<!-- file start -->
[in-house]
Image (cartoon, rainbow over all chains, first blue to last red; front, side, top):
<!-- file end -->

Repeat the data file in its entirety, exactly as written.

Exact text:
[in-house]
Image (cartoon, rainbow over all chains, first blue to last red; front, side, top):